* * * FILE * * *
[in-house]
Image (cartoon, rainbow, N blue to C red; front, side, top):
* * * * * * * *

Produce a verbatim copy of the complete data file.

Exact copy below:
[in-house]
Image (cartoon, rainbow, N blue to C red; front, side, top):